Last year, it was his left ankle, this year it’s his right. I don’t know if that makes any difference. Last year, he was able to play with diminished speed, mobility and passing accuracy until Georgia got him good in the SEC Championship Game, which paved the way for substitute Jalen Hurts to come in and save the day. Once again, an injury to Tua affords him great opportunity, this time to win the Heisman Trophy with his chief rival riding the bicycle on the sidelines.

The grim fact is, even a mild high-ankle sprain requires about six weeks to get completely well. A moderate injury takes six-to-12 weeks. A severe one requires surgery, like Tua got last December after the Georgia game, and he said himself that he didn’t feel well until May and gained 18 pounds from lack of activity, which would be a lot even for me. He’s Samoan-American, both of which are good at gaining weight.

So, Alabama lost its best defensive player and kicker – yes, kicker – to injury and now its best offensive player is in trouble for the foreseeable future. The good news is, the offensive line has looked competent since “Cornbread,” offensive guard Deonte Brown, returned after an unexplained suspension two weeks ago. Incidentally, he’s called Cornbread because he used to weigh 400 pounds and now tips the scales at a scant 320. These Bama boys can eat.

The running game is improving. Najee Harris is future NFL and Brian Robinson is close. They’ll be getting the ball more.

The defense will have to change the mind-frame of “hold them to 35 and we’ll win.”

Is Alabama still the SEC’s best team if Tua can’t return? Probably not.


COUCH POTATO COLLEGE FOOTBALL WEEK 8: Yeah, OK, it’s Saturday so let’s all turn on the TV and waller like hogs while giant young men in plastic armor collide

9 Florida at South Carolina noon, ESPN

South Carolina, the team that turned Kirby Smart into Marc Richt 2.0, hosts Florida, which hung with LSU for a while until QB Kyle Trask suddenly started accidentally throwing the ball to the wrong team at the most inopportune times possible. The Gators’ defense is a little dinged up, but not as bad as you’d expect after getting run over, under and through by LSU. South Carolina’s quarterback hurt a knee against Georgia, but they evidently did OK without him. He’ll be back this afternoon, if you care, and will continue to play unless Florida beats him up, which they often to to quarterbacks who aren’t Joe Burrow. He kicks their ass. The Gamecocks’ defense ruined Jake Fromm’s career last week and dropped him from an NFL project into a future high school coach, so God only knows what they will do to poor Trask. Coach Boom is cute but a little bit psycho, and he can coach the hell out of defense.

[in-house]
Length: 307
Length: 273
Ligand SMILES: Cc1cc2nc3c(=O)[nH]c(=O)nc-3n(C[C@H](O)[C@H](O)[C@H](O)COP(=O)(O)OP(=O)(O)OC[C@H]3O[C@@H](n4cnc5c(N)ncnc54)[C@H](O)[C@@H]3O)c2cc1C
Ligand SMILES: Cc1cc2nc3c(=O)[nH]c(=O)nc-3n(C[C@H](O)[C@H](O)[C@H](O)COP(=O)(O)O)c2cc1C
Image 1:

11 Auburn at Arkansas, noon, SEC Network

Auburn gets a chance at something resembling redemption after turning into a pumpkin two weeks ago at Florida. There’s probably a better word than redemption, I just can’t think of it right now, but one does not redeem in the grandest sense against Arkansas, which is just wretched this year. Auburn is about a 20-point favorite, which sounds about right.

12 Oregon at 25 Washington, 3:30 p.m., ABC

Here’s a great game to watch if you want to see the two best teams in the West face off, which is a little like attending a concert featuring the two best piccolo players in Montana play polkas. I’m sorry this isn’t funnier, but I didn’t get much sleep last night because I ate Vienna sausages, which so help me God, I will never do again.

2 LSU at Mississippi State, 3: 30 p.m., CBS

LSU will poun Mississippi State into whatever repugnant slime they make Vienna sausages out of.

16 Michigan at 7 Penn State, 7:30 pm., ABC

Here’s an outstanding opportunity for Jim Harbaugh to underachieve at the highest level on national TV. Penn State looks like an actual football team this year, a rare thing in Big Ten. I expect the Nittany Lions will run rampant in the coming weeks, setting the scene for a big showdown against Ohio State, led by the electrifying quarterback Kirby Smart ran off to keep Jake Fromm, the Vienna sausage of SEC quarterbacks.

Tennessee at 1 Alabama, 9 p.m., ESPN

There was a time many years ago when the Tennessee-Alabama game was a great reckoning between two southern powers with legendary coaches. Then all the wooly mammoths died after the glaciers receded and now it’s a contest to see how much hell Nick Saban can beat out of another former assistant who got a head coaching job he wasn’t ready for. The only cool thing about this stinker is that Alabama is finally at home in the dark and will get to unveil its multi-million dollar LED lights that flash red and blue and, one assumes, purple if they turn on the red and blue lights at the same time. The lights flicker like a disco ball – and I have to wonder, that stadium holds around 102, 000 people, and in that cohort, wouldn’t you think there’d be at least one person with epilepsy who could have a seizure while beneath the throbbing illumination Bama fans roar F-bombs to the tune of “Dixieland Delight?”